Transcript from the "Exercise 1" Lesson
>> Scott Moss: Everybody has the repo. If you want to check out on step dash 1. If you check that branch out, you'll see a couple files in here. Let me get rid of this
>> Scott Moss: You'll see a couple files in here. So, you probably don't see Node modules, that's because you need to do an npm install.
[00:00:25] So you should get in the habit of whenever you get a new node repo, just run npm install from your command line. Just start doing that immediately. Whenever you clone it, whenever you pull it, just do npm install. So what happens is when you run npm install it goes, and it looks at the package.json.
[00:00:44] It looks at the dependencies, and then it starts installing these. All the dependencies with their appropriate version numbers. That's what npm install does, so that's how it knows what to install. And then it'll create a node_modules folder for you. And depending on what version of NPM you have, you might have all your Node modules installed flat like mine are, because I'm using npm version three.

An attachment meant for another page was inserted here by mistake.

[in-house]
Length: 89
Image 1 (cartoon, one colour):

[00:01:03] Or if you're using the previous version of npm, your Node modules will be nested. Because what happens is let's say npm goes to install this Node module body parser. Body parser is a Node module itself and has its own package.json, which also has Node modules. So npm will install those too, and then those modules might have modules.
[00:01:21] So, we recursively install those modules, so that's why you might have nested folders in here. But if you're using npm version three, it all installs flat, which is good news for Windows users. Because I know Windows, it won't chase that forever, it'll start erring out, if It has to keep looking for those files so they fixed that.
[00:01:39] It's just a bigger pain now having to scroll through the Node modules foler them looking for stuff, which you rarely have to do, but the rare case that you do, it's a little more painful now. So, that's what happens when you run npm install, so run npm install and get the Node modules working.
[00:01:55] If that's not working for you, let me know, but it should totally be working for you. So, what you're going to do, if you look at the server.js, there's a bit to do in here, and this is like an adjacent data object. So, what you're going to be doing is you're going to be creating a basic server with express that will send back the index.html file on this directory on a get request to the root.
[00:02:22] It should then send back JsonData on a get request to /data as well. So, what that means is, one I should be able to come in here and start a server on whatever port you want. And when I start that server, if I navigate to that port in the browser, I should see whatever this index.html renders, which is just an h1 tag that says, hey.
[00:02:45] And then, I should also be able to go to /data and see this JsonData output. So Now, I am going to show you what it actually looks like. I am going to check out the solution to show you.